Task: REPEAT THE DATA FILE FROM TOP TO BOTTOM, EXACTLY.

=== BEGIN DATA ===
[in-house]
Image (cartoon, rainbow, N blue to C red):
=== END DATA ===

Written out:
[in-house]
Image (cartoon, rainbow, N blue to C red):